The 2018 Undergraduate Exhibition

The G-Chaser PAWSS payload team is developing a student-designed engineering payload with the scientific mission of conducting in situ measurements of the D region of the atmosphere. The team hopes to provide in situ measurements of the D region in order to study the phenomenon called polar mesosphere winter echoes.

The PAWSS science team will be at the HUB-Robeson Center on April 18, 2018 from 5:00 to 8:00 PM to present their poster on the science behind how we study polar mesosphere winter echoes through sounding rocket experiments and the process of designing and building a space grade scientific experiment from the ground up.

 

Come out and support the PAWSS science team!

Testing Continues!

Over the weekend testing commenced on the Clyde Space 3rd Generation EPS, to be flown on our CubeSat OSIRIS-3U. There were some issues with the test bench code, but they were quickly overcome. There is now a defined procedure for turning the EPS on and off safely.

Ed and Dan conducting tests on the EPS.

The test setup that was used.

Keep your eyes peeled for more updates as we continue testing!

STP Rocket Launch a Roaring Success!

Last Saturday our two STP teams launched their rockets and payloads.

STP students hard at work finalizing their payloads the night before the launch.

STP students hard at work finalizing their payloads the night before the launch.

The launch is the culmination of an entire semester worth of work. The students first design their payload and its housing, then they test their design, construct their rocket and payload, and in the last week of the semester they finally launch their rocket.

STP is used as an on-ramping program into SSPL. The program exposes students to systems engineering principles and gives them hands on project experience. We have found that once students get in and get their hands dirty they are prepared to work on the full gamut of project within SSPL.

This year we had two teams, Team Kerbal and Team Coma Toast. Both groups were able to create fully functioning payloads that recorded altitude, acceleration, pressure, and GPS position. In addition to measuring the above, both groups were able to radio down their position to the ground via a a wireless link. Team Kerbal even had their data streaming into a SQL database and had the various measured parameters displayed on graphs.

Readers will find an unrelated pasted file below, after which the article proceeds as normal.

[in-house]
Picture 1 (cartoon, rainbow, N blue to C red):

Team Coma Toast pictured with their rocket and payload

Team Coma Toast pictured with their rocket and payload

Team Kerbal pictured with their rocket and payload

Team Kerbal pictured with their rocket and payload

All in all this year was a roaring success. Everyone who was involved showed incredible drive and determination. Speaking for all of SSPL we are excited to work with all students involved in the future. Thank you to everyone involved!

A special thanks to everyone who came out on Saturday in support of STP and helped make this semester’s launch a possibility!

Thank you SSPL!

Posted in STP

Thank you Lockheed Martin!

The Penn State Student Space Programs Lab would like to thank Paul Mittan and Lockheed Martin Corporation for their vary generous donation. This will be used for the continued development of Lab infrastructure and our CubeSat OSIRIS-3U.

On the behalf of all the students in SSPL, thank you very much!

STP Rocket Launch a Roaring Success

Early Saturday morning our two STP teams, “The Dream Team” and “Bx8”, and their mentors made the trek through the fog and frost down to the fields behind Beaver Stadium to launch the culmination of a semester’s worth of work. Each semester we run our Student Training Program, or STP, which consists of designing a small rockect payload, constructing the rocket and eventually launching it into the skies. The payloads this year measuered pressure, altitude, temperature, captured GPS points, and recorded video. Lets all give a round of applause for our two STP teams for all of their hard work.

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The first of our STP teams, Bx8.

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Our second STP team, The Dream Team.

One of our groups managed to capture some incredible video as their payload floated back down to earth, which can be found here.

To close this all out we’ll leave you with a photo of one of the rockets immediately after launch.

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